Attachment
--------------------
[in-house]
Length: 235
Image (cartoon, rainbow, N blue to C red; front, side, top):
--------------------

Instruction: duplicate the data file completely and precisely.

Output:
[in-house]
Length: 235
Image (cartoon, rainbow, N blue to C red; front, side, top):